Sometimes there are things that unlock my understanding that could be useful to others (like the aforementioned YouTube series). I’ll try to condense that into some TIL tidbit that I can quickly blog about. I’d tweet it but…I just never got into Twitter. Maybe that will change but I’m not holding my breath about it. So far I’ve only used it to complain to companies when I can’t get good customer service.

Data Sciencing: The Journey Begins

In recent months, I’ve taken a massive interest in doing some machine learning which is turning me on to the whole world of data science. Not for the typical, “ML, so fashionable” reasons. I have an actual use case I want to solve at work.

Great, so I wanna learn some cool ML tricks to help define and group experts using the secrets hidden in our data. Let’s do a quick google search on how to learn about this stuff…*face melts*

Long story short, everyone and their grandma has got an online course. There’s no shortage of YouTube videos/coursera/EDx/udemy/LinkedIn Learning/kaggle/etc. It’s dizzying. I decided to spite my inner FOMO engineer and just took a rough cut of courses and selected Duke University’s Introduction To Machine Learning using some weak ass selection criteria. Basically, anything that looked like I could reasonably complete it.

The good news, it was a great choice. It had a fairly low time commitment which is essential when you have 3 kids (one of which is a 3 week old infant) and a full time job. I was able to get the work done each week. What made this a great match for me was the repetition, visualization and breakdown of the different ML tools like logistic regression, RNN and CNN to name a few. Pretty easy to digest and internalize for a newb. It alleviated much of the mystique around ML as well as not destroying me with equations and math formulae. The labs were mostly good and maybe there could have been a tiny bit more hand holding on the RNN lab. None the less, it did the trick and I feel smarter.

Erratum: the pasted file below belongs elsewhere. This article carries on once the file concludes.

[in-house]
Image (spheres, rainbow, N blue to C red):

I’m jazzed about learning all of this. Each time I’m introduced to a new concept, I run off and read about it on wikipedia or find some YouTube videos that speak slowly and uses simple words for my newly forming ML brain to comprehend. I’ll actually take the time to decipher the mathematical equations just to gain some more insight into why things are the way they are.

There’s going to be some method to the madness though. I have an actual path for the learning and I’m actively resisting any analysis paralysis of all the learning resources out there. I’ve got the following going on:

  • I like having some structure to my learning so I’ve signed up for the DeepLearning.AI Natural Language Processing Specialization.
  • I’m practicing as much immersion as I can. For example, if I’m driving, I’ll listen to a podcast or YouTube video discussing things like principle component analysis. I’m trying to fit as much of this into my day that I can.
  • I’m writing down any crazy idea for a ML project that I have. What’s going to accelerate this learning is executing on some of these new skills.
  • I’ve picked up some books to read when I want a break from online learning. I’ll follow up with some reviews when I’ve had a chance to dig in.
  • I started this damn blog to chronicle my progress and keep me accountable.

On that note, apologies for the shitty blogging and very shitty looking website. I’ve got some work to do on sprucing the place up. I’m waaay out of practice on writing altogether and it shows. Expect better in the near future (thumbsup)